Protests and other forms of public speech and assembly are a central tool of free expression and civic engagement, often serving as the only avenue for advocacy seeking political, social, and economic reform. Despite the importance of protest to a free society and safeguarding human rights, many states have failed to adequately protect protest and public speech. Instead, policing institutions overwhelmingly treat protests, assemblies, and other gatherings as security threats that should be discouraged and disbanded when possible.

Clinic Work and Impact

The International Network of Civil Liberties Organizations (INCLO) is a network of thirteen civil liberties organizations throughout the world. INCLO was formed to respond to civil liberties violations occurring in members’ jurisdictions through coordinated advocacy efforts. For the last three years, INCLO has made advocacy for a human rights approach to police engagement with protesters one of its priorities. Last year INCLO released a report on the health effects of crowd control weapons titled Lethal in Disguise: The Health Consequences of Crowd-Control Weapons.

As a follow-on to its Lethal in Disguise report, INCLO engaged IHRC to research and draft a practical guidance for policing institutions and collaborators for how such institutions can protect human rights and the right to public speech when engaging with public assemblies. The report, Defending Dissent: Towards State Practices that Protect and Promote the Rights to Protest, offers good practices and analysis of existing laws, institutional mechanisms and processes, and deployment tactics that work to promote, or in some cases, undermine, protests and public assemblies. In March of 2018, students and faculty supervisors traveled to London and Belfast to interview policing experts on good practices. The research team also conducted phone interviews of experts in other locations.  INCLO partners used the IHRC questionnaire to interview experts in their own jurisdictions. The final report, drafted by IHRC and edited by INCLO members, reflects good and bad practices throughout the world on all aspects of police engagement with protests.   

Defending Dissent was launched in June of 2018, at the Palace of Nations in Geneva, Switzerland, at a side event during the Human Rights Council’s 38th Session before UN officials, civil society from across the globe, and the U.N. Special Rapporteurs and their staff working on this issue. In addition to serving as a public education tool, the report will now be used by INCLO organization members to advocate within their countries on improvement of police policies and practices on protest management. Defending Dissent is also being used to support the adoption of a resolution on police management of protests introduced in the U.N. Human Rights Council by Costa Rica and Switzerland.

In July of 2020, the United Nations Human Rights Committee issued General Comment 37 on the right of peaceful assembly, which provides authoritative interpretation of Article 21 of the International Covenant on Civil and Political Rights. Defending Dissent: Towards State Practices that Protect and Promote the Rights to Protest follows several years of advocacy work by civil society organizations and provided foundational research for INCLO’s Written Contribution on the Preparation of a General Comment on Article 21, submitted to the United Nations Human Rights Committee in March of 2019 for consideration during the drafting stages of General Comment 37.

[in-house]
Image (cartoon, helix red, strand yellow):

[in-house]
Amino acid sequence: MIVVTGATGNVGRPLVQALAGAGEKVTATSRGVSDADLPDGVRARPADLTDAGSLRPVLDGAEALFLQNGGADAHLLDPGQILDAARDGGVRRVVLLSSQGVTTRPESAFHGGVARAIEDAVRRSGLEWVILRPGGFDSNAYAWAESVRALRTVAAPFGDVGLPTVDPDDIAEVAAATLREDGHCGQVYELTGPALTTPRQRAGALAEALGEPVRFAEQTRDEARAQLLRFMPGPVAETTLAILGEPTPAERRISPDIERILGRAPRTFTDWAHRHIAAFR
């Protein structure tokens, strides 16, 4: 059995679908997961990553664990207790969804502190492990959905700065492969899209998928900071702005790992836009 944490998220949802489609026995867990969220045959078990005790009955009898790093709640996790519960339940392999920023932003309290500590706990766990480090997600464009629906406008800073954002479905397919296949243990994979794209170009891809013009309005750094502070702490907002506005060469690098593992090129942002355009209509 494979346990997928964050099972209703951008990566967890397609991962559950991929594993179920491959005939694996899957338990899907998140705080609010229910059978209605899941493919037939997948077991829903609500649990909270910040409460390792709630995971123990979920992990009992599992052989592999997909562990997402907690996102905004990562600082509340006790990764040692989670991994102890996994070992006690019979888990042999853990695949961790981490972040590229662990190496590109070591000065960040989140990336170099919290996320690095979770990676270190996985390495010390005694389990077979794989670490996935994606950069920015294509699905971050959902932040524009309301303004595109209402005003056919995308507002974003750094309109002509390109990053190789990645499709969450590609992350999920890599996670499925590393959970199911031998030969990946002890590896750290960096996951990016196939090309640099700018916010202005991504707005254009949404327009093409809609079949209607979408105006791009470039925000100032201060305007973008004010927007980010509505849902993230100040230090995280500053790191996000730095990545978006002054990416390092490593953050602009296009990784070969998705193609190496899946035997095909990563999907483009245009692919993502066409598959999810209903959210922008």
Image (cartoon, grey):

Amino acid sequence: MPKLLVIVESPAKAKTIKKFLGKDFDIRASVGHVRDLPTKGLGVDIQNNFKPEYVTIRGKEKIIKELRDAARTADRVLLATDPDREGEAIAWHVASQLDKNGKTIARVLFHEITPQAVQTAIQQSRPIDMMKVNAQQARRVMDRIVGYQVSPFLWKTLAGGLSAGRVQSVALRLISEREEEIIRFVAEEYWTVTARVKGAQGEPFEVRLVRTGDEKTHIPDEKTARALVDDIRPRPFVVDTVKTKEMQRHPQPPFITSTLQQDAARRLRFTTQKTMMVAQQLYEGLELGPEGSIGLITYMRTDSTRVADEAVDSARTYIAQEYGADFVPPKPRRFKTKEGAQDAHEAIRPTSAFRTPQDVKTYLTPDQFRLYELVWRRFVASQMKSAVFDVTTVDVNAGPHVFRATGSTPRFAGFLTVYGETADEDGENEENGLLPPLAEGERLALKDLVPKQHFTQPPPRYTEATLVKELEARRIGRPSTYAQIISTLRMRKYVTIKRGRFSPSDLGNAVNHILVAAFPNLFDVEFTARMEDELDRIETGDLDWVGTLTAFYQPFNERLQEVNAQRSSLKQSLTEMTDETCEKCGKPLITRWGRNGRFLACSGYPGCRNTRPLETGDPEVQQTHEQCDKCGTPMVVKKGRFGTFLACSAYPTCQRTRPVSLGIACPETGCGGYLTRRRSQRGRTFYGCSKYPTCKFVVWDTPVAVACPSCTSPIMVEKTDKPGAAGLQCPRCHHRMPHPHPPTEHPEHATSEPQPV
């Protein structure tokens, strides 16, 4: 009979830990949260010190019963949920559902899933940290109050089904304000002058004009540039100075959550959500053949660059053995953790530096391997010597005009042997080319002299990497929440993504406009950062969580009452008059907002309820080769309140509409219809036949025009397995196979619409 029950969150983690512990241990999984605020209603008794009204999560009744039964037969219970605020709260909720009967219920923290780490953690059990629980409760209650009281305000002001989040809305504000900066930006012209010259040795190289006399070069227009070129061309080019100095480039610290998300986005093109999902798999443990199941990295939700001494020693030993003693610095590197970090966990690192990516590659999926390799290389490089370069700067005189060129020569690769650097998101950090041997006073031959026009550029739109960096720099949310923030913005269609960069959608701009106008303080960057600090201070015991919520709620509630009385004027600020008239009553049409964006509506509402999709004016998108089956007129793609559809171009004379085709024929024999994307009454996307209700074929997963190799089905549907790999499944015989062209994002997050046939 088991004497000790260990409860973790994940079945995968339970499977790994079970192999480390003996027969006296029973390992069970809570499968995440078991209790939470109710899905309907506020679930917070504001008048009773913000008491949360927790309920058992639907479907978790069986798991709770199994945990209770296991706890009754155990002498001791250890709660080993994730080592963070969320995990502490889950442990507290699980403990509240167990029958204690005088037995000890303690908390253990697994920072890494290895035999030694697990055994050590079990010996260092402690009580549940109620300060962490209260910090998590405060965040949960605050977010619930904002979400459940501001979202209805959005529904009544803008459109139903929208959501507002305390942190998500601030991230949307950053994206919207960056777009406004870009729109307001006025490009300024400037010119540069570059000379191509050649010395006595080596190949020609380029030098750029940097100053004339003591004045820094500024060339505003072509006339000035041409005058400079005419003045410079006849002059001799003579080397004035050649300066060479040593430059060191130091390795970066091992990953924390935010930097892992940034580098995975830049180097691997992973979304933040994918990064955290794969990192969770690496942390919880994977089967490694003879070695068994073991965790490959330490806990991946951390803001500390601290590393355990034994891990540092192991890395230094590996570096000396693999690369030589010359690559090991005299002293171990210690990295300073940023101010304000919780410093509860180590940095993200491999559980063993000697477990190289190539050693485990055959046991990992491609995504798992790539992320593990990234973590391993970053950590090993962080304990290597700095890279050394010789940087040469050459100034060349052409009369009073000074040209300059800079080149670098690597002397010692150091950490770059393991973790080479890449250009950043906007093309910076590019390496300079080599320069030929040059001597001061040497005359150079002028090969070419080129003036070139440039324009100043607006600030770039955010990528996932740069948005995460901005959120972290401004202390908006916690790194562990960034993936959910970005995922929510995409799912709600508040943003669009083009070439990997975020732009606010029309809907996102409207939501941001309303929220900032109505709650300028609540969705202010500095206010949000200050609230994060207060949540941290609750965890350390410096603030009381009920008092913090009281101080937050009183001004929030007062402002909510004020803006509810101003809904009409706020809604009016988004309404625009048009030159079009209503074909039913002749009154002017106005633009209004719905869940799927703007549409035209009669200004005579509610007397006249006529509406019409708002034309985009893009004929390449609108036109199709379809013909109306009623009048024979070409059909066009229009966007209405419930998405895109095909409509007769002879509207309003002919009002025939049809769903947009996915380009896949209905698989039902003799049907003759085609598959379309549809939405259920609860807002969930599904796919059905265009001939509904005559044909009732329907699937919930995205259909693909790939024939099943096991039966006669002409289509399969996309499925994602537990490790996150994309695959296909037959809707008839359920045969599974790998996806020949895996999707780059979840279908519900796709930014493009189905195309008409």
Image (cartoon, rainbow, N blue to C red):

Read the report: Defending Dissent: Towards State Practices That Protect and Promote the Right to Protest

Related Blogs and Media Coverage

Defending Dissent: New Report by International Human Rights Clinic Offers Guidelines on How Governments Can Protect Rights of Protesters — University of Chicago Law School

What do we say to Big Brother? Not today — International Human Rights Clinic Blog

International report highlights use of videos in Jobstown trial — The Irish Times

Nigeria and Policing


Nigeria’s Police Act of 1943, written and enacted under British colonial rule, almost two decades prior to Nigerian independence in 1960, established the Nigeria Police force. The 1943 law was in place for more than 75 years without amendment before the National Assembly finally repealed and reformed the Police Act in 2019 with the passage of the Police Act (Repeal and Re-Enactment) Bill, 2018. Key objectives of the 2018 Repeal and Re-Enactment Bill were creating a policing structure that guarantees the protection of the rights and freedom of citizens; establishing a system that prevents and detects crimes, apprehends offenders and duly enforces all laws and regulations within its mandate; and ensures an effective collaboration and co-operation between the Police Service and communities. However, in terms of complying with international human rights law and standards, the legislation was insufficient and required revisions in several specific issue areas, including on use of force and firearms; policing of public gatherings; arrest and detention; prevention of torture and cruel, inhumane and degrading treatment; and ensuring equality and non-discrimination. Nigeria is bound by international and regional law, including the International Covenant on Civil and Political Rights and the African Charter on Human and Peoples’ Rights, to uphold in its legislation principles of accountability and transparency, and the protection of human rights and fundamental freedoms.